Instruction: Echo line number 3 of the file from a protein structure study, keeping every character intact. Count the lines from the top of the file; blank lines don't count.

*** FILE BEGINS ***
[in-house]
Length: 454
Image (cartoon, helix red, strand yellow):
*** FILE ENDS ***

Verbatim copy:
Image (cartoon, helix red, strand yellow):